It’s about getting involved in pilots. It’s about having an agility and shifting culture a little bit to say okay, for this particular smart city or for this smart agriculture initiative, or whatever it may be, we are going to steward the citizens and the farming and the owners’ data and then we’re going to actually work with other corporations to deliver as a service and to monetise the citizens’ data. So what we’re seeing in the Internet of Things is the lifecycle of sales is changing.
Now the other thing to mention is something called blockchain. I’m sorry to interrupt. Blockchain is an automatic contract negotiation technology. What we’ll see is blockchain will start to automatically negotiate contracts and services for citizens. I heard a talk recently by someone in UAE that all their public services will be underwritten by blockchain by 2020. We’ll start to see is leadership, strong countries, to try these blockchain types of technologies.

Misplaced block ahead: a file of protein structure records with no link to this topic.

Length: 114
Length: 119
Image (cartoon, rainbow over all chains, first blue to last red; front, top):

In China, there’s been an announcement of a $30 billion new smart city that will be rebuilt entirely on blockchain. What this means is if my washing machine needs a new part, the blockchain will automatically order and select the best deal for me in line with my cultural profile, in line with my economic potential, and in line with the way I use the washing machine. Blockchain will automatically negotiate the best part of that. The same with a car, for example, if you need new tires or you’re looking for a new car, blockchain can look at your cultural profile, it can look at your economic outputs and your economic remits.
It can look at the way you drive and securely, automatically negotiate the best contract for you for a new car or for a new pair of tires.
With China re-building the economic phenomenon of bygone years called the Silk Road - IoT will play a key enabling role.. One could even envisage autonomous driven trucks delivering goods on the Silk Road all the way from China to Europe - imagine an automated Amazon Warehouse but much bigger The key enabler for this new blueprint will be a data platform traversing the entire length of the Silk Road, where IoT applications for each intelligent service and each country share their data in real-time. This would enable optimization of services, resulting in huge cost savings and lower price of goods to the end consumer.